A cancer diagnosis is never fun, even when one is aware of the risk of developing it. Cancer is caused by changes to the genes, and this change can be caused by both genetic and environmental cancer. Genetics and family history are huge risk factors for cancer, but so are smoking cigarettes, not wearing sunscreen, and other poor health choices.
However, cancer may also be caused by the negligence of others. Throughout recent history, there have been many class action lawsuits brought against many companies in the U.S., and many have been because of a group of people developing cancer from a single product or action. Here are five class action lawsuits related to a large group of people developing cancer.
#1: Mesothelioma Lawsuits
According to the EPA, asbestos was banned in 1989. Asbestos exposure is the number one cause of mesothelioma, an aggressive and deadly form of cancer that affects the lungs and other organs. Workers across many industries may be at risk of developing asbestos, especially if they worked in any of the following:
- HVAC technician
- Construction worker
- Chimney sweep
- An active member of the military
The family members of those working in these industries are also at risk for developing mesothelioma, and it’s believed that workers could have been better protected had they had access to the proper equipment.
#2: Roundup Weed Killer Lawsuits
Roundup is a popular brand of weed killer, but it contains a carcinogenic (cancer-causing) agent known as glyphosate. Glyphosate is an effective weed killer, as it has been used to kill weeds since the 1970s, but it has also been linked to the development of certain cancers:
- Non-Hodgkin’s lymphoma
- Multiple myeloma
- Mantle cell lymphoma
- Kidney cancer
Many people likely have a glyphosate-containing weed killer in their possession right now. Even if they don’t, glyphosate has been used in public places, such as parks and schools. Also, nearly all corn, oats and grains, soy, and cotton grown in the U.S. have been treated with a glyphosate-containing herbicide.
#3: Talcum Powder Lawsuit
Talcum-based products from the company Johnson & Johnson have been linked to the development of ovarian and endometrial cancers, as well as mesothelioma. For 50 years, there have been many studies on the link between women using talcum powder and developing ovarian cancer, and Johnson & Johnson knew that these products put their consumers at risk. In 2019, the company issued a recall of its baby powder because it had traces of asbestos found in it. To qualify for this lawsuit you must have:
- Used these products for at least four years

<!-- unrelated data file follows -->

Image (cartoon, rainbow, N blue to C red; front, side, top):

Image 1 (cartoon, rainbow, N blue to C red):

- Been diagnosed with ovarian cancer, endometrioid ovarian cancer, or mesothelioma in 2009 or later.
- Used these products before menopause.
#4: Water Contamination Lawsuits
Residents of the Camp Lejeune Marine Corps base between January 1, 1953, and December 31, 1987, were more than likely exposed to contaminated drinking water during their time there. Hazardous waste disposal and leaking underground storage tanks led to the drinking water being contaminated with benzene, perchloroethylene, trichloroethylene, and volatile organic compounds. This contamination led to people developing various types of cancer, as well as the following health conditions:
- Reproductive issues
- Liver damage
- Birth defects
Unfortunately, the full extent of the health risks associated with Camp Lejeune’s drinking water isn’t known yet. What’s also unfortunate is that Camp Lejeune isn’t the only military base that has had its drinking water contaminated in some way.
#5: Zantac Carcinogen Lawsuit
On April 1, 2020, the popular antacid known as Zantac was recalled and pulled from shelves. The main ingredient, ranitidine, was found to contain the carcinogen N Nitrosodimethylamine (NDMA). Some of the cancers that people have been diagnosed with after taking Zantac include:
- Thyroid cancer
- Stomach cancer
- Pancreatic cancer
- Liver cancer
- Kidney cancer
- Esophageal cancer
- Bladder cancer
The use of this now-banned OTC medication has also been known to cause stomach cramps, excessive vomiting, stomach ulcers, liver failure, and primary pulmonary hypertension. The qualifications for this lawsuit are some of the strictest, like having used the name-brand version of the medication for a minimum of a year or once a week for a minimum of six months— in addition to being diagnosed with one of the cancers listed above.
It’s important to note that not all cancer diagnoses were caused by one of these, which is why these cases have qualifications that need to be met. However, it is a possibility, and you should contact a personal injury attorney if you meet the qualifications.